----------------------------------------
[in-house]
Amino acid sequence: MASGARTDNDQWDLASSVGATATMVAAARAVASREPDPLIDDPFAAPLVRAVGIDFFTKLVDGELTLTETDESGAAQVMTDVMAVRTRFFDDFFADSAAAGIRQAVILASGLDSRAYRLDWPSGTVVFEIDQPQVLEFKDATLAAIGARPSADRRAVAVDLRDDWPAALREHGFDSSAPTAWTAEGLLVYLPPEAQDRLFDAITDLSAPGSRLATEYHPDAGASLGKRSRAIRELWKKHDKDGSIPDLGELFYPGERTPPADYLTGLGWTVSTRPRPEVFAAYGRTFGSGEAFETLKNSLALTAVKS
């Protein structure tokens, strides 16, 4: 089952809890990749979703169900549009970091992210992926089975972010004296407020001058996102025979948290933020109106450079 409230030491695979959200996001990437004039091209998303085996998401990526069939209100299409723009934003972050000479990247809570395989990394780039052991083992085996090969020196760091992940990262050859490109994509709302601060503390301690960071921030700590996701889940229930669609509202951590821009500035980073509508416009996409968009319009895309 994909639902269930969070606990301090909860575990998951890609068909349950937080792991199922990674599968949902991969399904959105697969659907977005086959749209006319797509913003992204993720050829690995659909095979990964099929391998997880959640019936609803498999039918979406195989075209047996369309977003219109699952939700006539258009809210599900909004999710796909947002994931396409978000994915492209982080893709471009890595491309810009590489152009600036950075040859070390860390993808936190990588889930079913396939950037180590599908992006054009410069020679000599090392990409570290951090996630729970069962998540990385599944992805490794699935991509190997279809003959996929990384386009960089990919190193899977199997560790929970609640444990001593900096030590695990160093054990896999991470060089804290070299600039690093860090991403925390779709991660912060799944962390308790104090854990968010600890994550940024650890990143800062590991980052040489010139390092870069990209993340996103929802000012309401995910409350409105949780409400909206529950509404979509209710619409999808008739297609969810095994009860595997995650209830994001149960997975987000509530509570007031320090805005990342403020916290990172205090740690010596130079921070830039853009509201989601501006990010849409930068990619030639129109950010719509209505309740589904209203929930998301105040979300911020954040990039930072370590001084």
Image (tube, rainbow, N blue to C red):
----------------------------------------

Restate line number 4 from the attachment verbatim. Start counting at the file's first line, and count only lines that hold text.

Image (tube, rainbow, N blue to C red):